All too often, multiplayer gets short shrift at preview events - there's too little time to test the features and none of the cooperation and competition you get from playing alongside your friends. But with Crysis 3 we got a chance to experience multiplayer as it is meant to be: with multiple players. Seven of our writers braved snowflakes and Britain's horrendous rail network to bring you their thoughts on Crysis 3's online offering. Each gives their impressions of the Hunter and Crash Site modes below.
We played two different modes: Crash Site, which is basically king of the hill, and Hunter. Hunter's more interesting on paper: two players start as permanently cloaked nanosuit guys with bows, and everyone else is an ordinary marine trying to survive until the timer ticks down. When marines die, they come back as hunters, making it even harder for the few left. Because it's so hard to see hunters at any kind of distance, most of us huddled in dark corners or dead ends and waited. Unfortunately, this works. Your objective is just to survive, so you're incentivised to avoid action and hope nothing at all happens. If anything does, it's usually an arrow out of nowhere killing you instantly.
I had a lot more fun with the more conventional Crash Site mode. Everyone has the normal nanosuit in this, so you can all switch between cloak and armour modes, but you also pick a class. I liked Scout: fast, light armour, shotgun. I'd sprint around in armour mode, power-jumping and mantling up onto higher ledges, then cloak as soon as I saw anyone. If you find partial cover and crouch, you're pretty hard to spot in cloaked mode. And when you're still, it doesn't drain much energy. So I'd wait until I was fairly sure I knew where they were going, burn through the rest of my energy sprinting to where they'd be, then decloak and shotgun.
Cleverly, I noticed I got killed a lot less doing this than squabbling over that crash site everyone seemed so interested in just because it's the objective of the game. When it comes out, I'll probably play team deathmatch to repeat this tactic until people get good enough to shut it down, then stop playing forever.
I am the opposite of Tom, so much so you can just call me Mot. I enjoyed Hunter a lot more than Crash Site, though the latter was standard-issue manshootyface fun. No, Hunter is where I'll probably spend some time post single-player.
Everyone knows I have an affinity for cloaked characters with one-hit kill skills, and dropping into the transparent boots of the Hunter was instantly gratifying. He's
, and armed with a bow. Such a get-up should leave me slowly stalking people through the leaves and streets, but there's also a two-minute countdown to contend with, and any normal character killed is turned into a Hunter. It turns a potentially tense situation into a hilarious dash for cover: pipes with one exit were coveted by the stalked, they'd cover into them like the cowering cowards that they are (unless I was with them, in which case it's a tactic of unparallelled genius), holding onto the shields that dot level, and putting up an ad-hoc human wall.
Those bloody shields. Crysis 3 finally remembers that there was an element of slapstick in the first game, and the shields are a nod to that. They can be tossed with lethal force by the defenders. If it so much as grazes the covert killer's knees, then he drops. I've died under piles of the death discuses.
Tellingly, I laughed each time. The 'hero closet' defense might be obnoxious and unsportsmanlike, but it's also really funny to follow the radar to a clot of red only to find a bunch of soldiers hiding in a pipe.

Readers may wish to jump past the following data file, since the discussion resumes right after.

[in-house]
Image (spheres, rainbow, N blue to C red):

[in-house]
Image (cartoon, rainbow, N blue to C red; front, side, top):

"Why did CounterStrike get rid of riot shields again?" Rich, Chris and I wondered, as we squatted side-by-side in a sewer, like the dirtiest phalanx. It doesn't speak well of a multiplayer mode if it incentivises you to hide in a tiny area, hurling your shield whenever your proximity sensor beeps too much or when the water at your feet starts sloshing too rhythmically.
Thanks to this tactic, to my preternaturally good skills at running away and hiding, and to my luck in driving the stupidly-lethal Pinger (a giant tripedal robot) in the Crash Site mode, I found myself at the top of the leaderboards. This meant that I was unlocking all sorts of goodies as I levelled up rapidly. Unfortunately, the game spends so much time telling you how great you are at the end of each round that there's no time to change weapons. It took me four rounds to build a custom class and the silent sub-machine gun class I built was so crap that I dropped from the top of the leaderboards to the bottom for the last session.
Neither mode was original or perfect; the Hunter's bow is spectacularly inaccurate (so I just meleed victims to death) and Crash Site is unbalanced by the overpowered Pinger. With friends it was fun, but I won't bother playing on release.
I really like winning at stuff, so when Dan, Chris and I discovered our dead-end sewer in Hunter mode was a pass to an easy Hunter mode victory, we gravitated toward it on all successive rounds. Backed up against the wall with two shields and a shotgunner covering the only entrance, we were in a nigh-on impregnable position. When people were able to, um, pregnate us, they'd only be able to kill one before the other two hurled their shields full-force into their face, killing them despite their fancy cloak.
I had more fun in Crash Site mode. I kept my eyes on the skies as others scurried around below, watching the map's hovering alien drone as it prepared to poop out a pod. When it did, I guided my heavy machine-gun toting soldier to its location, stood within capture radius, and engaged my armour mode. When another force got there first, I used my suit's super-jump to launch myself a few feet into the air and fired a rocket at my nano-bootied feet, shredding enemies forced to stand within the pod's prescribed space.